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No Comparisons: Why College Students Shouldn’t Compare Themselves to Their Peers

Posted by Scott Fuller on 10/19/16 7:29 AM

No Comparisons Why College Students Shouldn’t Compare Themselves to Their Peers

The transition into college can be nerve-wracking. During the application process, you’re asked to produce a resume, essays, and recommendations exhibiting your best self. Once enrolled, you’re expected to take a challenging course load, earn good grades, and have a high GPA. Let’s not forget those extracurricular activities or job that you probably have a commitment to as well. And somehow, you’re supposed to stand out to an admissions panel amongst many other qualified students.

The pressure is real. So how are you going to differentiate yourself from the other people in your class who are applying to the same schools as you? How can you be better than them? Where do you fall short where they excel?

It’s easy for students to start comparing themselves to their peers during the college application process. Although students need to submit an application that sets themselves apart from their peers, there comes a point where it isn’t good for students to compare themselves to one another.

Here are a few reasons why comparing yourself to other students can be detrimental to your college success.

Check out our digital resource — One Stop College Shop — for everything you  need for the college application process.

Comparisons often don’t measure up next to each other.

You’ve heard the saying “it’s all relative,” right? On that note, you should understand that there aren’t a set of standards in making comparisons, which can cause people to compare unequal things to one another, setting them up for failure from the start. For example, another student may have a higher GPA than you, but you might take more rigorous courses than that student. Therefore, since you don’t take the same courses, you can’t necessarily compare your GPA to that student’s GPA.

What you should do instead:

Set goals for yourself, and focus on achieving those goals. Don’t worry about what the person next to you is doing. Go at your own pace and focus on what you love and how you can become a better learner and a better person. After all, your undergraduate education is for your future, not your neighbor’s.

Comparisons make you overlook your good qualities.

Constantly comparing yourself to others takes away your peace of mind and happiness. You’ll tend to focus on making yourself look better over other students, rather than on what already makes you shine. You’ll sit there wondering how you can add Photoshop proficiency to your resume because your classmate is a graphic designer, even though you’re pursuing Accounting and a whiz at crunching numbers.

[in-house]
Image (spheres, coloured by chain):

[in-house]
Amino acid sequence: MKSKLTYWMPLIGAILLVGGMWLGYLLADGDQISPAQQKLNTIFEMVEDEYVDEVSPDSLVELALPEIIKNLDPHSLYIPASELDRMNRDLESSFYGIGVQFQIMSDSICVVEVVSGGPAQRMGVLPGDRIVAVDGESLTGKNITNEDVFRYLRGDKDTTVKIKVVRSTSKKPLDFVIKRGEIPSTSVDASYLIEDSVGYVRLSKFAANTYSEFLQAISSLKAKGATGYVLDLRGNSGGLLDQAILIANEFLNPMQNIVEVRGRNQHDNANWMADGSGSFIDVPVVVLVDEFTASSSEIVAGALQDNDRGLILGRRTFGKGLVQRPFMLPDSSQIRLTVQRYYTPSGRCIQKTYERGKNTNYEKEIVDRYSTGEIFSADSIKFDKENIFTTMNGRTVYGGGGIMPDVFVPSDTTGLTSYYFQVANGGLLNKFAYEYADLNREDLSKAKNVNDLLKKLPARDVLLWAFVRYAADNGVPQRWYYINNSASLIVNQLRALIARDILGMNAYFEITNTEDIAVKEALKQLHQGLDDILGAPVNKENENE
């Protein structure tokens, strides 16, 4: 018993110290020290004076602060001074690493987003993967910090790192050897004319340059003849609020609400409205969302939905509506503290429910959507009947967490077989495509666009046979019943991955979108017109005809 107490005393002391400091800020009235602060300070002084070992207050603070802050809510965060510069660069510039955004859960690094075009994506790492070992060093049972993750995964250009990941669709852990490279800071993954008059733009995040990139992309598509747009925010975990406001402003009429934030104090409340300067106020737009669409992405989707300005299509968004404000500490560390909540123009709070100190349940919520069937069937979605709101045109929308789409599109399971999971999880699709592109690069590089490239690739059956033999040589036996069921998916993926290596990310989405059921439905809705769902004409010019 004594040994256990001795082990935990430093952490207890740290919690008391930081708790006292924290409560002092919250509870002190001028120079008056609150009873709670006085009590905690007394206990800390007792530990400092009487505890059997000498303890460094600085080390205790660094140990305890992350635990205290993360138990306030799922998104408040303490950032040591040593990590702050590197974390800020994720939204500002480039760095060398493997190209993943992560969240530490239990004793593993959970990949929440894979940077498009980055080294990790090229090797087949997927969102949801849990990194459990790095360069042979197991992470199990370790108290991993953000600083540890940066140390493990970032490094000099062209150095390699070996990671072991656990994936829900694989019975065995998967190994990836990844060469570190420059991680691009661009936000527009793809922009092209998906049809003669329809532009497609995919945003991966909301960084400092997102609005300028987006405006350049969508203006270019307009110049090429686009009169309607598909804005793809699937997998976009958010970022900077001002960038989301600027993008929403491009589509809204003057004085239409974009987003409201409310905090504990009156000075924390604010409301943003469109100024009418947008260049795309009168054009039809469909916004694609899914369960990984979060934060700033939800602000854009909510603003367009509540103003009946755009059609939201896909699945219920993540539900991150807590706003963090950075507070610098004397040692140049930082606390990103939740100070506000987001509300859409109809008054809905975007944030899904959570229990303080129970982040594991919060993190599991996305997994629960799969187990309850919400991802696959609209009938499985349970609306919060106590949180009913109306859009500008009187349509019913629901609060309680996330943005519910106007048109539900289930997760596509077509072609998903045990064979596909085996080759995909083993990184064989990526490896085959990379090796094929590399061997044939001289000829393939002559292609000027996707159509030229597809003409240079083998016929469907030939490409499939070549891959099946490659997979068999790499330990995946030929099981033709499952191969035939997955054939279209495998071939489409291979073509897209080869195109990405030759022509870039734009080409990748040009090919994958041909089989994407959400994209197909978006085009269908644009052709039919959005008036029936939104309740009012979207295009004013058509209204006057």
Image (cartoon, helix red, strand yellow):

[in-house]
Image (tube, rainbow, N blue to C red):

What you should do instead:

Appreciate yourself. Recognize where your strengths are, and use those to your advantage. You don’t necessarily have to be the best at what you do, but use your passion to feed your drive and determination to succeed. College admissions panels know you aren’t perfect and would likely prefer to see where your authentic interests and aspirations lie.

Comparisons lead to long-term unhealthy habits.

After doing it for so long, comparisons can become a never-ending habit. You’ll lose focus on what’s important such as your goals and career aspirations. You’ll start to get caught up in the miniscule things like why you didn’t get as good of a grade as the person sitting next to you. Constant negative comparison can even lead to depression.

What you should do instead:

Seek someone to talk to like a counselor or doctor. For some reason, there is sometimes a negative stigma surrounding taking care of yourself. But your mental health in college is important, and you should pay attention to it.

If you find yourself comparing yourself to other students, don’t get yourself down about it. We’re all human and can get our priorities mixed up sometimes. However, you should recognize the action and its negative effects and do something about it. Comparisons are learned behaviors, and therefore, can be unlearned.  

Explore our digital toolkit — The One-Stop College Shop — for a everything you need to know about conquering the college admissions process!

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Posted by Scott Fuller

Scott is a Web Content Manager at Marymount. He enjoys sharing information about Marymount on social Media, editing photos in Photoshop, and seeing students grow academically and professionally while at MU. In his free time, Scott if a self-proclaimed nerd and enjoys reading science journals and non-fiction books, science fiction and fantasy novels, and playing strategy games.

Topics: College Resources

About this blog

This blog is intended for high school and transfer students going through the college application process. From scholarship application tips to making the most of campus visits, we hope to give you the tools you need to pick the best institution for higher education — and make getting to that decision a little less stressful and a little more fun.

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